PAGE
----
The feel of the book, for me, is something like a cross between the movies Gorky Park and Enemy Of The State with a healthy dose of film noir. The main character is extremely believable and despite the clever connections he makes and the string of punishments he suffers, there is nothing unrealistic there. He is simply lucky, bright and bloody minded.

But for me there is one aspect that makes the book a win. Despite great characters and a good plot, the best thing about the Korolev mysteries so far is the atmosphere. The author’s knowledge and research have been poured into the book until it surpasses the ‘full’ mark and have left us with something that feels REALLY authentic. It made me endlessly grateful that I don’t live in 30s Moscow, for a start. You can almost feel the grimy, rainy street beneath you as you read. Few authors have achieved quite such a level of authenticity in a setting.

Basically the book wins on so many levels. I recommend buying it and reading it. It’ll keep you riveted right to the very end.

Written by SJAT

October 1, 2015 at 10:42 am

Roma Nova – Inceptio

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I wasn’t entirely sure what to expect from Inceptio. I’d heard of it, seen the rather handsome cover and actually met Alison briefly at a historical fiction do, and when I had a gap in my revue pile, I slotted it in for a read.

Firstly, let me say that I really enjoyed the book. It was engaging and fasincating, thrilling in places and beautifully described. The characters were quite realistic and empathic.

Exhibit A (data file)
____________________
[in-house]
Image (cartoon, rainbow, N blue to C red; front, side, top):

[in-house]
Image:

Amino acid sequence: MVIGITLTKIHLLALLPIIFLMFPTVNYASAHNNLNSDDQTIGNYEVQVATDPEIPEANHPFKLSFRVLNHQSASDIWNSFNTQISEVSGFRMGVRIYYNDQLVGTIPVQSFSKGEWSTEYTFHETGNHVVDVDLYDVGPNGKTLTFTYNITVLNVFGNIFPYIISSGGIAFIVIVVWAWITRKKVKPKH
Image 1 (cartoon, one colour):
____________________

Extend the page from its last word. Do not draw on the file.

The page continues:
So what is it like, given my aforementioned lack of expectations? Well, I’d say few readers will get everything they seek from it, but most certainly everyone will get something. The obsessive Roman fiction nuts might find it a little too modern. The crime nuts may cluck at their plot being laden with alternate history. The sci-fi lovers will approve of some of the concepts, but could find too much history and realistic modern world filtered in. The Romance lovers might be irked that thrillerdom keeps getting in the way. But the simple thing is that few readers are so specific, and most readers will find at least one aspect of Inceptio that they love, while many will appreciate the all-round. Because there’s crime, thriller, action, military, romance, hints of sci-fi-near-future, exploration of character and so much more. And anyone who likes any of that will read this and enjoy it.

So this is alternate history. A recreation of the modern world in which some decision was made another way at some point in history and things turned out differently. The story takes as its premise not a world in which Rome did not fall, but a world in which a small Roman colony in the Alps survived that fall and the fall of Byzantium in the east, going on to become some sort of Romanized utopia with overtones of Switzerland. And because of the presence of this nation, the rest of the world has developed slightly differently.

Our heroine, Karen (at least for some of the time!) finds her normal New York life turned upside down following a small incident, which sets in motion a chain of events that leads to her learning that she is in fact an heiress, a noble, even a scion of a family in Roma Nova. There ensues a tale that is one of self discovery and personal re-creation as Karen discovers life in the world of New Rome while pyscopaths hunt her, men vie for her attentions and a growing sense of duty forces her to train, learn and join paramilitary forces.

Parts of this story will surprise you, parts will excite you, and parts will enthrall you, but all of it will make you think and make you want to know what happents next. I find it hard to believe you will read Inceptio and not find something about it that really grabs you.

In short, go get Inceptio and introduce yourself to the world of Roma Nova.

Written by SJAT

September 17, 2015 at 8:00 am